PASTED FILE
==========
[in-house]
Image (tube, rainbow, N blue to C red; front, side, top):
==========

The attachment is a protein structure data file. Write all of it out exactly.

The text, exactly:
[in-house]
Image (tube, rainbow, N blue to C red; front, side, top):